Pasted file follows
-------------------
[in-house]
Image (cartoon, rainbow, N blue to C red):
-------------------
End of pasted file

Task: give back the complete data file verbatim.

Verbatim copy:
[in-house]
Image (cartoon, rainbow, N blue to C red):